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Community and Q&A

Double wrapping bathroom exhaust fan ducts in attic to increase R value

Otosan | Posted in Energy Efficiency and Durability on

I’m in climate zone 5a, in southern NH.

I have 2 baths that that I am planning to vent via 6 inch metal ducting and flexible ducting.  I am planning to vent with an in line Fantech 200+ cfm fan.

Previously there were 3 baths on this system but I’ve disconnected the longest run (45 feet) and will place a regular bath fan in that bathroom, vented on it’s own duct and termination.  This original set up was also vented with a Fantech inline fan.

This was installed in 1996 with very minimum fiberglass/vinyl duct insulation.  It looks like 1/2 inch or less.  The metal ducts were not air sealed either. The longest run is now 20 feet since I disconnected the very long 45 foot run. It was suspended above the ceiling insulation in an unconditioned attic and vented out of a roof jack due to having a hip roof.  A recipe for disaster, which over the years occurred.  So much condensation occurred in the 20 foot run from the inline fan to the roof jack that it leaked out of the unsealed galvanized ducting, soaking the insulation and rusting through from the outside in and dripped on to the ceiling drywall.  Condensation also occurred in the fan body which was uninsulated and was 45 feet from the far bath.  Some condensation also occurred in the end of that 45 foot run, just upstream from the fan.

My options as I see them are:
1. Plumb the remaining 2 baths with a similar set up of 6″ ducting and a new in line fan to the exterior (either roof or soffit (with a soffit vent designed to shoot the vapor away from the soffit air intake))  I would increase the duct insulation from the minimal R2(?) they have now to at least R8 and insulate the inline fan, which was not insulated originally.  I will still have a 19-20 foot run from the interior bath to the exterior.  The two ducts from the baths will join in a wye, then to fan, then to exterior.

Pros: a. One vent to exterior
          b. Can reuse existing infrastructure of bath ceiling vent and in attic      ducting.
          c. One fan instead of 2 fans.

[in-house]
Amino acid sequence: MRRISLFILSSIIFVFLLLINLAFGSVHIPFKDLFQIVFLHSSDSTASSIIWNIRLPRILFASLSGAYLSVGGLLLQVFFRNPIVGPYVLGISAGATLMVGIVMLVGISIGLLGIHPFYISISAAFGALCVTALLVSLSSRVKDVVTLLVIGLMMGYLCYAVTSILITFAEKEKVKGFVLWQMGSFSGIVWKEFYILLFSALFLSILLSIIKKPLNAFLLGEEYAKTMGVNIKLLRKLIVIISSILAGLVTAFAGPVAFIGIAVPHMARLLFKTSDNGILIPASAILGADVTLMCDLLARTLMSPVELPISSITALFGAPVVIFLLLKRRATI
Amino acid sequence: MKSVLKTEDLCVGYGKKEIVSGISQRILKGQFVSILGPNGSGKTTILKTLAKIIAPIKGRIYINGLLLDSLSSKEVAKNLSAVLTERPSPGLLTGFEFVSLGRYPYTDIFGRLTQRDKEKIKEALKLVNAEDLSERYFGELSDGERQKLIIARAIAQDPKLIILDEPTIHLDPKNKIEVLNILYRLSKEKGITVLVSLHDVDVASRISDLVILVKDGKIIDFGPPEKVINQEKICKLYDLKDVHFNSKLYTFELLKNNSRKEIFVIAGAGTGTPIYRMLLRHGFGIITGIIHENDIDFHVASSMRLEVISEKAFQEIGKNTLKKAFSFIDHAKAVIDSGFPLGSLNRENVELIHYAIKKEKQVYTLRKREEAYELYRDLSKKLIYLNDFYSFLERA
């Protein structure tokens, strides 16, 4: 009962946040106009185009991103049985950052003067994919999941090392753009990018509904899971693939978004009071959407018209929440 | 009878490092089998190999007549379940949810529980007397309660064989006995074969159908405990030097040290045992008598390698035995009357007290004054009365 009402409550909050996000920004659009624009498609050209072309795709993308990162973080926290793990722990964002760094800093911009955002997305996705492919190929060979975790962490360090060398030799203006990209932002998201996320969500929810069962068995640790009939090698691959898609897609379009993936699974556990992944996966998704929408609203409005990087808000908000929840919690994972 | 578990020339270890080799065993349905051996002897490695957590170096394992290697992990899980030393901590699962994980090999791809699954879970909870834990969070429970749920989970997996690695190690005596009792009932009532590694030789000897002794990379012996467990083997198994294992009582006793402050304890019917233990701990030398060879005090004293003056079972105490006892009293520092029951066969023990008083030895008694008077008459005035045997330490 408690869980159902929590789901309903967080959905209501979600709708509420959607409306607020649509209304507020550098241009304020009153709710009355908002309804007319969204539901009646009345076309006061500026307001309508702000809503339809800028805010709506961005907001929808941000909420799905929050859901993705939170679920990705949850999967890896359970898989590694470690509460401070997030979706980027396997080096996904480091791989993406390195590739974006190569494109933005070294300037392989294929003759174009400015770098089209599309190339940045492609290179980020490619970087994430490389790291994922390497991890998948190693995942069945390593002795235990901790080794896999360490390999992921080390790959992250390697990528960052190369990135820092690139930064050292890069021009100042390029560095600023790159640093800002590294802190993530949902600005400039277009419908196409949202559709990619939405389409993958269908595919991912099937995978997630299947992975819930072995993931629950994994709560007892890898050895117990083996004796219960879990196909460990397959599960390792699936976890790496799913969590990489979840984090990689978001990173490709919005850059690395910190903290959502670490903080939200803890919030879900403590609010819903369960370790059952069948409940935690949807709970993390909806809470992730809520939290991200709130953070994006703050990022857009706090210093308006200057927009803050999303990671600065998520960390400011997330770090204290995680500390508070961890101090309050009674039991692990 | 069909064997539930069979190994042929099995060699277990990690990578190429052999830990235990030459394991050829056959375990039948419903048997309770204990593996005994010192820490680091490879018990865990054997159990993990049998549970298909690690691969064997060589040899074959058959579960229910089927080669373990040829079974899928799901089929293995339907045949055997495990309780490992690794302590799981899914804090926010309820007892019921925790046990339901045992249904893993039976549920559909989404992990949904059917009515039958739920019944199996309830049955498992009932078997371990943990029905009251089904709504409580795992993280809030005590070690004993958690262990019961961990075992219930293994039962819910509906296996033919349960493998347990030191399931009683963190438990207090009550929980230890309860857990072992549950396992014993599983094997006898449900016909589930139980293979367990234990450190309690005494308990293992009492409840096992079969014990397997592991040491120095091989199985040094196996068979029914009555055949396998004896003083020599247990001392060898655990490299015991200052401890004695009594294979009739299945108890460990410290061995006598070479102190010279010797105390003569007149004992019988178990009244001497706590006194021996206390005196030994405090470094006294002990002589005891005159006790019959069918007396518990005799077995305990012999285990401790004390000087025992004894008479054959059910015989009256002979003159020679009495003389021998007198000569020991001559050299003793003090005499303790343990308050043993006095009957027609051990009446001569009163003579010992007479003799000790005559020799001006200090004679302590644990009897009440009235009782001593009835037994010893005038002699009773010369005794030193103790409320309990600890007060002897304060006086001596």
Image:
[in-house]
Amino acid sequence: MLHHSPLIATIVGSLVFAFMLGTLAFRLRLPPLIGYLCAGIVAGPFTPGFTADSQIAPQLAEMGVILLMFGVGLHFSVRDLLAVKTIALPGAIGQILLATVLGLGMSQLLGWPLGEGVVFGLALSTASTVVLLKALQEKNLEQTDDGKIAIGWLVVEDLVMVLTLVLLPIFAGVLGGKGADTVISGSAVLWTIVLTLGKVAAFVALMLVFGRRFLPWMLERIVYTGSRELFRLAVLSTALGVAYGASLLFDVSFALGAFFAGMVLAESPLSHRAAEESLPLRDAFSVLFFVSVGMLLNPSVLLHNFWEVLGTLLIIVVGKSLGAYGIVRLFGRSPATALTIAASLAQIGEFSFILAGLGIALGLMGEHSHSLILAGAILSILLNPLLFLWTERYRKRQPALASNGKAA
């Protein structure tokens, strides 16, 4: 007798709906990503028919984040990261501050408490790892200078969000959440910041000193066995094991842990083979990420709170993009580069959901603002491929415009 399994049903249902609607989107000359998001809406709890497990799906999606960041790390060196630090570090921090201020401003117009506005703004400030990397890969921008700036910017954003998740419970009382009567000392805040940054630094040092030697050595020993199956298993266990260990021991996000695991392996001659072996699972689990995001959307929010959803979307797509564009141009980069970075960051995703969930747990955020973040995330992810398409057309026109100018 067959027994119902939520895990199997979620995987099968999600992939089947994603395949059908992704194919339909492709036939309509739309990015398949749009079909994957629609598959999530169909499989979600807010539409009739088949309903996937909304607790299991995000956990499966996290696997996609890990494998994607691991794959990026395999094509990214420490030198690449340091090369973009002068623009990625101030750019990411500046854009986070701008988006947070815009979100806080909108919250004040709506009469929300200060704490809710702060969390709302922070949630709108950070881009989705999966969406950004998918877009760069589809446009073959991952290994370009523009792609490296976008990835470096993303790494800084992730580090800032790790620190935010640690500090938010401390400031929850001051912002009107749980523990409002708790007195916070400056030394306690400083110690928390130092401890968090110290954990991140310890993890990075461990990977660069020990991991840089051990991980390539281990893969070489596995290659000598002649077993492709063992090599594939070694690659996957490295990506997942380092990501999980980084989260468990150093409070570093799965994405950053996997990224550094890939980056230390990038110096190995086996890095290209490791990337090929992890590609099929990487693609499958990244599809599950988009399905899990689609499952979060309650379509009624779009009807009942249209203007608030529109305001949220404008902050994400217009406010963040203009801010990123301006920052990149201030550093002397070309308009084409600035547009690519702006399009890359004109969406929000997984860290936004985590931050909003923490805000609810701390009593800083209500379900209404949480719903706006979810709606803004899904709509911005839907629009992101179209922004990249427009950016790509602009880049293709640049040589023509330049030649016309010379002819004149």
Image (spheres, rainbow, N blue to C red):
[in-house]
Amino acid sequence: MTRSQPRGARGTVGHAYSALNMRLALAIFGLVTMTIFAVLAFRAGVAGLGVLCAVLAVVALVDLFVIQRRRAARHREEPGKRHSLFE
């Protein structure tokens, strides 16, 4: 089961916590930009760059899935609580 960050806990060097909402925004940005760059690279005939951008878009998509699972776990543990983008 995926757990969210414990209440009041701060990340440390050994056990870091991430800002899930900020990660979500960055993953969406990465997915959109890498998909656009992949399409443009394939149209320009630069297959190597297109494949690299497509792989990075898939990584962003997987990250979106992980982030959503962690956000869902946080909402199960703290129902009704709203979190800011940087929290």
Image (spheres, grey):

Cons: a. Still have a long 20′ run from the interior bath.  The other run will be 10-12 feet.  I have this long run because that is the distance to the soffit or a reasonably accessible point on the roof decking.  I have a 9/12 roof and can’t reach the roof deck except near the eaves with out an ladder, which the tiny ceiling attic access and blown in insulation over the ceiling joists makes extremely difficult to use.

Option 2. Put in two regular ceiling bath fans connected to exterior via 4″ ducts.

Pros: a. Each of the 2 baths could be vented independently.  Not really a huge deal in my opinion.
          b. I could shorten the run for the exterior bath but not the interior one.

Cons: a. Two exterior penetrations instead of one. 
            b. Two additional ceiling/vapor barrier penetrations.

This is a very long winded way of asking for opinions, and advice.

Some more questions:
Can existing duct wrap, which includes a vapor retarding barrier, be over wrapped with additional fiberglass insulation, with it’s own vapor barrier, to increase R value?

In line with that, can unfaced fiberglass batts be wrapped over insulated ducts to increase R value.  I understand that the duct wrapping would have to be completely air sealed.

For my 3rd bath which will be vented with a Panasonic ceiling fan via a 4″ four to five foot run I was planning to use R6 flex duct due to obstructions.  Would I be better off to use R8 (if I can find it)?  I know that smooth wall ducting is preferable. 

Thanks for your patience and interest if you have read this far.

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  1. Expert Member
    BILL WICHERS | | #1

    The duct itself needs to be air sealed, the insulation wrap is much less critical. You want to try to pitch the ducts so that they slope back towards the fan a little (assuming a ceiling-mounted exhaust fan), which helps to prevent any condensate from pooling in the duct where it will eventually rust through and leak out onto the ceiling somewhere.

    I don't see an issue with a second layer of duct wrap as long as the innermost duct itself is air sealed. What you don't want is a situation with a leaky duct that is injecting moisture in between two layers of duct insulation that have seperate vapor barrier coverings. That would bring you back to the "water pools in the duct and leaks" scenario, with the leak this time from the duct wrap instead of the air duct itself.

    Rigid ducting is preferable. You can get it from commerical HVAC supply houses. You can insulate either with the usual "sock" style flexible insulation, or you can get split rigid fiberglass insulation. The more the merrier for insulation, but keep in mind that it's not going to be fun trying to apply a second layer of wrap in a very confined attic space.


    1. Otosan | | #2

      Thank you Bill. Any comment on using R6 for the 4-5 foot 4" duct? I guess I could always wrap it with more later if that proved inadequate.

      1. Expert Member
        BILL WICHERS | | #3

        R6 is probably the most common option, but more won't hurt. The primary purpose of this insulation is to keep condensation under control so that you don't have condensate running out of your vent fan.

        Be sure to insulate the housing of the exhaust fan too, which might just be burying it in loose fill insulation if that's what's already on the attic floor.


        1. Otosan | | #4

          Yes, that's what I've got, blow in loose fill.

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